It’s not easy to operate a mixed-age daycare. I know, because that’s what I do each day.

I’m a home educator, serving children from infancy to five years old, and I spend my days active on my feet, bearing the load alone from early morning until late evenings.

These are children from different families, cultures, and parenting skills. They are not my own children, but I serve them, and love all six of them in addition to my own two children (eight in total).

There are ebbs and flows, days of sheer pride, resilience, rewards, and happiness. Then there are days when loneliness, frustration, and resentment create nothing short of agony in my mind.

I have often questioned my intelligence, and my knowledge for the field I have come to have a love/hate relationship with. (Maybe you can relate?)

Be it conversations that have been misconstrued, cultural differences, pushbacks, behaviors, classroom challenges, personal divisions – I have endured them all.

The demands of infants, toddlers, preschoolers, potty training schedules, food preparation, nap arrangements, curriculum building, activities, and the individualized needs – became too much to handle. Selflessly I gave myself to all and the demands wore me down.

I was suffering from burnout and fatigue, and I needed a change.

In the beginning of my career, I had a mentor who helped me learn how to operate a home daycare, but a mentor can only take you as far as they know. It’s up to the individual to go further than a mentor’s capacity.

In retrospect, it’s clear that I was focused on proving I operated a real SCHOOL – a place where learning happened. I worked hard to prove I was not a babysitter, but was comparable to any commercial setting, selling the image of kindergarten readiness.

I spent long hours helping children achieve that goal. Three-year-olds in my school were drilled to read Bob Books and Hooked on Phonics. The younger children were occupied with coloring pages and brightly lit toys. My environment was over-stimulating, and the children’s behavior evidenced a system gone wrong.

Ironically, the harder I worked, the more chaos reigned.

It became too much to handle, so I folded and took a one-year hiatus. Before returning to the field, I sought knowledge and understanding.

I completed a degree in Early Childhood. I trained myself to prepare lesson plans based on programs or popular contents that seemed to mimic successful preschool strategies and curriculums – yet which lacked authentic children engagement.

Little did I know, I was going to repeat the past, because I was not yet tapping into the interest of the children. Fortunately, I remembered the Reggio Emilia approach I had read about; it had felt right to me when I was completing my degree, and I decided to explore it further.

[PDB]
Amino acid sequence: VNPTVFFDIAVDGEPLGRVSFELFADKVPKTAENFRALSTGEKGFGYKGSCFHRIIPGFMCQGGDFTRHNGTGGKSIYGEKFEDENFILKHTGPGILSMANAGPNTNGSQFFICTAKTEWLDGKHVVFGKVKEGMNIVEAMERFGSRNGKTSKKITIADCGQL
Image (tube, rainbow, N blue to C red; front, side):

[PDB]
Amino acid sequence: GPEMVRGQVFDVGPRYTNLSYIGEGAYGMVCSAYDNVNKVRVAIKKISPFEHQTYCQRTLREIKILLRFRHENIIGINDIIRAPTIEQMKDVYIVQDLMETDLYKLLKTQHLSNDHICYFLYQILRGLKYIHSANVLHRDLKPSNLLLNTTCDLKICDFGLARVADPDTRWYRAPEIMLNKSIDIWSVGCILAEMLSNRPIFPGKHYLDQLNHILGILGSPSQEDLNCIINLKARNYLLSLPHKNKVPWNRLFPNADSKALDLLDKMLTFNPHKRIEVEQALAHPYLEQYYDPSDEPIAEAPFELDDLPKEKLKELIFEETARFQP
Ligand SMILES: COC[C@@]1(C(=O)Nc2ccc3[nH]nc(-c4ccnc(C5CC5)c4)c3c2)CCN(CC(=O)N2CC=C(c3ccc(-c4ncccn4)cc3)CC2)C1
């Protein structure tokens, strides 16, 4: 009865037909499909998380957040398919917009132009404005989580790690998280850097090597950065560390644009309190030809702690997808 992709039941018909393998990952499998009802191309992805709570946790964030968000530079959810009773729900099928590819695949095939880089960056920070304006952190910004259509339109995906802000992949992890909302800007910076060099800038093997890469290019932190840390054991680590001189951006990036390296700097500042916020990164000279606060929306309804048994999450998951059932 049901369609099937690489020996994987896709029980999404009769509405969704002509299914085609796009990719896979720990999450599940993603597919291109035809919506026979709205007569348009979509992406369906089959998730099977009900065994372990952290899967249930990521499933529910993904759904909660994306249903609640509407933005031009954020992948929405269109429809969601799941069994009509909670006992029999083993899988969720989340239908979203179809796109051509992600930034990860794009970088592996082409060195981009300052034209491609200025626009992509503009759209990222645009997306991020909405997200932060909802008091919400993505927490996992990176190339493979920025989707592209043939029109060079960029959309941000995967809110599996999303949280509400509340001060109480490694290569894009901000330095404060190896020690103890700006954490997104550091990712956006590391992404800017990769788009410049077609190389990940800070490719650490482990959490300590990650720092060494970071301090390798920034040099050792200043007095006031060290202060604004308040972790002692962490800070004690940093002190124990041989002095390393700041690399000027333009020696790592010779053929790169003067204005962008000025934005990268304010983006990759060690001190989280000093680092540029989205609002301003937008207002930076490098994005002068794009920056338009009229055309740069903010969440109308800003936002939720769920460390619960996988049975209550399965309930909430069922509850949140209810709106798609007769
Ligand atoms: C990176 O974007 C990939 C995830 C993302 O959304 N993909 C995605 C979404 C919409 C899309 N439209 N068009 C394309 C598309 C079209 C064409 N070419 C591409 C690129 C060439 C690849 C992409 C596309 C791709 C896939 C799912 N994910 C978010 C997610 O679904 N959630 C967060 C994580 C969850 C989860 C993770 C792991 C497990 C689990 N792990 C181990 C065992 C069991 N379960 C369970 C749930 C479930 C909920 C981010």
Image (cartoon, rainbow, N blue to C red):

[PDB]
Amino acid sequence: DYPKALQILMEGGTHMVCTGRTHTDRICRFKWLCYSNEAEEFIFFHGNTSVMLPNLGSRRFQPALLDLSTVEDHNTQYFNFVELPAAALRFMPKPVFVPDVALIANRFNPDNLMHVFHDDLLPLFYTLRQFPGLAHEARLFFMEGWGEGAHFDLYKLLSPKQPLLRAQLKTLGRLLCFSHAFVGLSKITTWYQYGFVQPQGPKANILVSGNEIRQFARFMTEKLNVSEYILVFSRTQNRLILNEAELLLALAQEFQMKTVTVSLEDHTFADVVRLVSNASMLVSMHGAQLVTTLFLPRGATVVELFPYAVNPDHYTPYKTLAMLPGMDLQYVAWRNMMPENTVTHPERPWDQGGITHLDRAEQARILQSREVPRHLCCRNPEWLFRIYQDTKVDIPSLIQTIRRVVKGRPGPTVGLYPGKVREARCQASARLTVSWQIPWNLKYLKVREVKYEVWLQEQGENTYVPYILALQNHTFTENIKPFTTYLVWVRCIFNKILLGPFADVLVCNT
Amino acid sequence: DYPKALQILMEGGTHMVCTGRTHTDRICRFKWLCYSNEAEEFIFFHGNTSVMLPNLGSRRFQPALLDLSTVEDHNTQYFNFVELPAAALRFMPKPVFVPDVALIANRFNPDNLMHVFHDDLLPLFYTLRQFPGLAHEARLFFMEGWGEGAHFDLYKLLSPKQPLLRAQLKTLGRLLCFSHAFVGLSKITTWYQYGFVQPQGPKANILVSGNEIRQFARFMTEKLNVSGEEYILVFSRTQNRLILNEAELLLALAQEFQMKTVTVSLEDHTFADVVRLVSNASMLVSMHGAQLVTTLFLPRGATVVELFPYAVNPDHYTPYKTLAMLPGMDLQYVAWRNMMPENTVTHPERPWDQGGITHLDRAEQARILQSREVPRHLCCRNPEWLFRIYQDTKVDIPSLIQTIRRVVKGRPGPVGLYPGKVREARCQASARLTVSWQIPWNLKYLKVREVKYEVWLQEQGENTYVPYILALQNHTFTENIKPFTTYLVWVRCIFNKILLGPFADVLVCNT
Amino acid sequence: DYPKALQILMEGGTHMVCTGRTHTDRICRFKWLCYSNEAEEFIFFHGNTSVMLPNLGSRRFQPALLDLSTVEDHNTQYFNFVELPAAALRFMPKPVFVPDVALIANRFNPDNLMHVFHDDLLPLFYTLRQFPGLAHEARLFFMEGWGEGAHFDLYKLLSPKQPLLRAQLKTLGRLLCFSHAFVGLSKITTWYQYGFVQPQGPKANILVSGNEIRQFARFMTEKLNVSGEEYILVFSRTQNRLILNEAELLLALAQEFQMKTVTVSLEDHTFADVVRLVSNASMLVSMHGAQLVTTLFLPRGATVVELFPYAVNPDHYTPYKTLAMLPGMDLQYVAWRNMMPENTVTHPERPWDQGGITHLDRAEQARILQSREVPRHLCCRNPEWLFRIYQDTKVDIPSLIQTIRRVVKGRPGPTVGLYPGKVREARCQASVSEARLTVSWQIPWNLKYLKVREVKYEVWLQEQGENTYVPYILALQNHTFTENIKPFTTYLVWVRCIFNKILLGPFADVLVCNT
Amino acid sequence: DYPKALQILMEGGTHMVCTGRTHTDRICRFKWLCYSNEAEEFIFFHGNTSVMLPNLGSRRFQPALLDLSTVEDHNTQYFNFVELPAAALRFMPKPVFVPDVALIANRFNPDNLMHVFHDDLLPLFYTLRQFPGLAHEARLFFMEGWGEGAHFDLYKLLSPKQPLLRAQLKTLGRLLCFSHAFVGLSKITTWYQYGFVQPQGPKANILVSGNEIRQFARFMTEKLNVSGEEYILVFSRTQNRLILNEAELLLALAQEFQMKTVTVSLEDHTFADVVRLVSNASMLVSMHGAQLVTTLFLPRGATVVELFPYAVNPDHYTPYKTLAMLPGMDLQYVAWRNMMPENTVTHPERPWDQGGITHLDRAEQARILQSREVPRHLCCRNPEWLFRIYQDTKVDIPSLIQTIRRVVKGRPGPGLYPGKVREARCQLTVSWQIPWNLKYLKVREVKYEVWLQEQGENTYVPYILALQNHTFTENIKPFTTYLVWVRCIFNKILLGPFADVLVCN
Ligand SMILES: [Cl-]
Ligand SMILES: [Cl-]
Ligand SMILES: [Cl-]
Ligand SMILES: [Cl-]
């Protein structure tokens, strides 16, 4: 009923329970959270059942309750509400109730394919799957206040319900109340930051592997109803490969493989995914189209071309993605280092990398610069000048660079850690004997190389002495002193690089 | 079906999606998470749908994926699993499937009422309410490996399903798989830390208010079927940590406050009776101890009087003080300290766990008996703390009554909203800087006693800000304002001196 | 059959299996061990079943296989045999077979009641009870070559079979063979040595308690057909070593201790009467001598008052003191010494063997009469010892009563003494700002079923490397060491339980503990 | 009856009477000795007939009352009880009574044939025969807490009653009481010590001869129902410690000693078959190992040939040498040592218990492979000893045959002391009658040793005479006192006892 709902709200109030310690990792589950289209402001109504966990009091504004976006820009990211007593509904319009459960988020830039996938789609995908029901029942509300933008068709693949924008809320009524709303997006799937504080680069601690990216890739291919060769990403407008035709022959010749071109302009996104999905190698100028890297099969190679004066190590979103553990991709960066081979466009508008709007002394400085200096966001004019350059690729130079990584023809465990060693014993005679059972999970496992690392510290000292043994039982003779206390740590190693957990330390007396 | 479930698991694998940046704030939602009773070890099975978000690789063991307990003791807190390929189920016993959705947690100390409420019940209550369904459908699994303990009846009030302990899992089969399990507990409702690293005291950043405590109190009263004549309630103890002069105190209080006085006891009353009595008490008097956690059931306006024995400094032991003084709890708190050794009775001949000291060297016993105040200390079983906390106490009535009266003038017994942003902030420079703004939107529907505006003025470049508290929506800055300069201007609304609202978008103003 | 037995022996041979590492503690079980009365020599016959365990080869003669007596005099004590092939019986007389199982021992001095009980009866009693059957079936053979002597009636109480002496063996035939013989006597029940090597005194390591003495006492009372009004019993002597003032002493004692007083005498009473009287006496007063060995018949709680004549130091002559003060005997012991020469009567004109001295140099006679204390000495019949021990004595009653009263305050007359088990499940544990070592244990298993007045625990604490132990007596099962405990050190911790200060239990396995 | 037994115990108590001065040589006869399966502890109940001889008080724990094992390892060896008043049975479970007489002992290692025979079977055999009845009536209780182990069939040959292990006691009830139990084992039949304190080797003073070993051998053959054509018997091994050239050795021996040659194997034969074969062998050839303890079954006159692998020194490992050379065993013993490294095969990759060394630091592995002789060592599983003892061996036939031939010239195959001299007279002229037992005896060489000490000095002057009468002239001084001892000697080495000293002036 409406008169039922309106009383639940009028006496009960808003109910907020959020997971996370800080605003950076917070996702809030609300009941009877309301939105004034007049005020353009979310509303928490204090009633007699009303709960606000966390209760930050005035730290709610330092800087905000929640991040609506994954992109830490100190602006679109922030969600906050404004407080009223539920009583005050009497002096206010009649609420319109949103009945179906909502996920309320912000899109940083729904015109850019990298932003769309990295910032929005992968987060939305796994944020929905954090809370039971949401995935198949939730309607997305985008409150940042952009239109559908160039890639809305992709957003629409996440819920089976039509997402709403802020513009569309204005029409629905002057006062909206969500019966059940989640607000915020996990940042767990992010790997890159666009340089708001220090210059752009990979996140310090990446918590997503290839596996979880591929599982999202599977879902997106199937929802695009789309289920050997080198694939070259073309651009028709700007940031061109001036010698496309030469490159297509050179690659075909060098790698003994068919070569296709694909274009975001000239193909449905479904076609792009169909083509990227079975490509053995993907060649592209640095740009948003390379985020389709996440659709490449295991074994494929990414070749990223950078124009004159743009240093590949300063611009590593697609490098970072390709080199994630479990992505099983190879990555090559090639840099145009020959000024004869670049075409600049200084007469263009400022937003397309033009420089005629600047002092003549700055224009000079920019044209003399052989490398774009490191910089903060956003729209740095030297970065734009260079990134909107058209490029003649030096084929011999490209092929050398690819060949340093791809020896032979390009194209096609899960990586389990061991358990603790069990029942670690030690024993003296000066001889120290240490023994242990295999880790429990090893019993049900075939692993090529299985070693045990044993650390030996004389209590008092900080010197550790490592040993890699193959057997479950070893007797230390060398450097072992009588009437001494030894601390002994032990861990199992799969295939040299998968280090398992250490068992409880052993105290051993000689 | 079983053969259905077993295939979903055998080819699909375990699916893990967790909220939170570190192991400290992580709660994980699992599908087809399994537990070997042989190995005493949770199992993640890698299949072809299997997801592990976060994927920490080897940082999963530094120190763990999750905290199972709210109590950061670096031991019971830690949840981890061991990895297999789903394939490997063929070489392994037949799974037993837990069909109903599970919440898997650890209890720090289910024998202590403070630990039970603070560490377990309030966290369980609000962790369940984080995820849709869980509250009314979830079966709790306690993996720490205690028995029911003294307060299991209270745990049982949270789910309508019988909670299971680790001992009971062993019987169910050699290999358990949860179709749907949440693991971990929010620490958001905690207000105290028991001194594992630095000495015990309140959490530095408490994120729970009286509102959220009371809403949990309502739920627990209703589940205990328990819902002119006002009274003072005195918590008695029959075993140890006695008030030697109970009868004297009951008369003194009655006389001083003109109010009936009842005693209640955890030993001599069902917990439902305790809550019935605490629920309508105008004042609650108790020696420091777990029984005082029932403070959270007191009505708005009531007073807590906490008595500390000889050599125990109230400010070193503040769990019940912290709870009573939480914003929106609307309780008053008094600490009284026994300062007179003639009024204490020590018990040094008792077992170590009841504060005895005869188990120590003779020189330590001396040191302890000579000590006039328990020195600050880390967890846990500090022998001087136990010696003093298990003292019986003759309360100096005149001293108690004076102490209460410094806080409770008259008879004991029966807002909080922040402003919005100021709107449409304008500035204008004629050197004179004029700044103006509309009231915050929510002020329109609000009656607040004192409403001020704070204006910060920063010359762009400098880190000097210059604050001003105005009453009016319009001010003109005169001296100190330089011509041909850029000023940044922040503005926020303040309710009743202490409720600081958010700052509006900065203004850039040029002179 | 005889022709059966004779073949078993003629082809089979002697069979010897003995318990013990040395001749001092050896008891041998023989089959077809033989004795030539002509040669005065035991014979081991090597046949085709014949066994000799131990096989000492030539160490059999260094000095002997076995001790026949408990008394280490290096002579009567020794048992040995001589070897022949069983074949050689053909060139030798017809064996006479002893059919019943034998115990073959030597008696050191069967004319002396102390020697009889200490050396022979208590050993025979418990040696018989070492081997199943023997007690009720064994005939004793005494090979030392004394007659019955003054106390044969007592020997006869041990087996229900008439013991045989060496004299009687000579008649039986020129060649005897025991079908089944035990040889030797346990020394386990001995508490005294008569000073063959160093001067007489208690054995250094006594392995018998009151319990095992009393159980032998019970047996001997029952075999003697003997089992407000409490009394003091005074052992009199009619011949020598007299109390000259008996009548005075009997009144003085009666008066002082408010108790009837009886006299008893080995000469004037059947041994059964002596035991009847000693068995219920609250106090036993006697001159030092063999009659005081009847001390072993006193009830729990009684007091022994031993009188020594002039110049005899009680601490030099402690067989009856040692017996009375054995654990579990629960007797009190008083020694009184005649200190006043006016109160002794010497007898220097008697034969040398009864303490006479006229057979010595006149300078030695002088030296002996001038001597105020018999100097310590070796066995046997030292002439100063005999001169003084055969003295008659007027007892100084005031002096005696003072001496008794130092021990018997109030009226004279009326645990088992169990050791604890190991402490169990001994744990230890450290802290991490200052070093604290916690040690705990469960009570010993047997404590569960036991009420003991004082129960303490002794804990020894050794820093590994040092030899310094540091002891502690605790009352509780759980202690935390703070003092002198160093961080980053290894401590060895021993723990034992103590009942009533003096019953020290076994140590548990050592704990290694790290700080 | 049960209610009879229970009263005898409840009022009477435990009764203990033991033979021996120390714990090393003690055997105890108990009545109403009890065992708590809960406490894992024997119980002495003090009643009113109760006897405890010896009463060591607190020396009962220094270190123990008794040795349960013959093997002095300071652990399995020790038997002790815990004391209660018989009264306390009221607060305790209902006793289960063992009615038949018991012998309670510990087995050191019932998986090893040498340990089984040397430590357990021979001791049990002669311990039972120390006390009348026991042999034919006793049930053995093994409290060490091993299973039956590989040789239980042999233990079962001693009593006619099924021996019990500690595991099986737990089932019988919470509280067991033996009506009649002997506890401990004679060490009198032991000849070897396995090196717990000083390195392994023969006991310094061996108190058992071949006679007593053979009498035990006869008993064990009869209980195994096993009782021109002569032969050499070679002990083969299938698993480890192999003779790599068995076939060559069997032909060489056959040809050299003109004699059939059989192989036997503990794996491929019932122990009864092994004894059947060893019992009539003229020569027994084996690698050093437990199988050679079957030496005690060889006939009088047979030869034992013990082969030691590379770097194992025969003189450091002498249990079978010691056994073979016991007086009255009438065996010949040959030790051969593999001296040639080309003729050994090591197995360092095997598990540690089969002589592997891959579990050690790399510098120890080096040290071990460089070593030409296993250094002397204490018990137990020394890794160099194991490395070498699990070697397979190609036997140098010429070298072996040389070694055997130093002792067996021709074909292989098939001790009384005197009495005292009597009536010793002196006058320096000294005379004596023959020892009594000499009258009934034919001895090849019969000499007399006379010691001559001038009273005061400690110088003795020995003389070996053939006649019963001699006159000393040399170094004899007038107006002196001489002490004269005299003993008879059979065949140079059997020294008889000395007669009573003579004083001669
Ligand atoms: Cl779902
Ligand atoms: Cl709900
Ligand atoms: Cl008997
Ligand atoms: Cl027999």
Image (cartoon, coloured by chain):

Though, play based learning felt contrived at first. I resisted the urge to enter play-based on the assumption that clients needed proof of their children’s learning. Completed worksheets, coloring within the lines, product art, proof of letter, number, and shape recognitions displayed all over the rooms – these measures referenced my idea of a learning environment.

Finally, I was down in the trenches one day listening to the echoes of my own mind when it said…

“Try it – you have nothing to lose!“

I immediately started to follow accounts on social media that were focused on child-directed play. Slowly I started to lean into the change. Cautiously, I blended traditional and play-based – instead of jumping 100% in.

I was searching for ways to improve my environment and practice – to take it from wall-to-wall coverings, sensorial overload, and hectic and overwhelmingly achy days… to calmer, slower, intentional (burnout-free) days.

child hands playing with wooden popsicle sticks

My first shift was cleaning the walls of my daycare, painting the environment, and making it less overwhelming. I then donated lots of the battery-operated toys, the ones that would trigger my nerves, and I decided to downsize.

I still felt like an imposter, though. Absorbing visual cues, without the knowledge behind them, makes for unsure application. I was desperate to find a learning pathway that jived with my culture, personality, and energy. Soon I found myself down a rabbit hole of offerings.

There is a saying attributed to Lao Tzu: “When the student is ready, the teacher will appear.”

One online class from Fairy Dust Teaching helped things “click” for me in a way I had not yet experienced. This led to more offerings – and soon, I was learning to research, implement, and make the shift.

I started to observe the children more, follow their directions, and facilitate their learning. I became present. Not the presence of taking a check for the day, but tuning in to each child – the whole child – the little beings.

Learning and implementing the strategies of play-based learning helped transform my teacher’s heart and the landscape of my play environment. I love to PLAY.

Today, I am proud to tell my story of how play-based learning helped me overcome burnout and build resilience – and how I opened my heart to love, and now have the energy, the enthusiasm, and the know-how to continually serve children and families.


Fawcett, Mary (2009). Learning through child observation. Jessica Kingsley Publishers.

Gronlund, Gaye (2013). Planning for play, observation, and learning in preschool and kindergarten. Redleaf Press.

Hoorn, Judith V.; Nourot, Patricia M.; Scales, Barbara; Alward, Keith R. (2014). Play at the Center of the Curriculum. Pearson Education.

Sheridan, Mary; Howard, Justine; Alderson, Dawn (2011). Play in Early Childhood: From Birth to Six Years. Routledge.

Smidt, Sandra (2010). Playing to Learn: The role of play in the early years. Routledge.